Hey Lifehacker, I have friends with two young teenagers (11 and 13) who are screaming for their own mobile phones. The parents are concerned about cost overruns, particularly with data limits. What they are looking for is a plan (preferably pre-paid) that has a "real" data limit. If the use gets to that limit then the connection is either shaped or cut off. No risk of excess data charges and parents don’t have to worry about a surprise bill. Any suggestions?
Tagged With shaping
The ability to sync files stored on SkyDrive with your computer can be very useful, especially given the generous space allocation (7GB for everyone, up to 25GB for early adopters). However, one Lifehacker reader has noticed that keeping a large SkyDrive collection in sync can use a lot of bandwidth, potentially trigging shaping or an excess usage bill.
We told you back in September that the ACCC was taking Optus to court over whether its shaping policies for broadband plans were adequately disclosed in advertising. Yesterday, the Federal Court found against Optus, and the ACCC says it will continue to pursue companies that don't make their broadband policies transparent.
A quick update on our story from yesterday about Telstra increasing its shaping speeds: the BigPond Twitter feed says that the upgrade will happen in late September and will apply to Elite and Ultimate plans with a monthly quota of 100GB or more.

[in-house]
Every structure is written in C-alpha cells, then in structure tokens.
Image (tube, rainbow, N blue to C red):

Back in June, the ACCC took Optus to court over advertisements for "unlimited" plans that were not in practice unlimited. Now the telco is facing another courtroom stoush over broadband plans where the shaping conditions are said to have not been fully disclosed.
If you don't fancy excess usage charges, shaping remains the most palatable alternative. BigPond customers on Telstra's more expensive plans will now find the experience a little less painful, with shaping speeds increasing fourfold from 64Kbps to 256Kbps.
Shaping an Internet connection to lower the speed is a common tactic by ISPs to control pricing, and the shaped speed is almost invariably 64Kbps. Internode has upped the ante on its ADSL2+ Extreme offerings by shifting its shaping rate to 128Kbps on home plans and 512Kbps on business plans.
Shaping -- lowering the speed of your Internet connection once you've exceeded your monthly download limits -- is an annoying but seemingly permanent feature of the Australian communications landscape. Lifehacker 101 explains the issues surrounding shaping you need to consider before choosing your Internet service provider (ISP).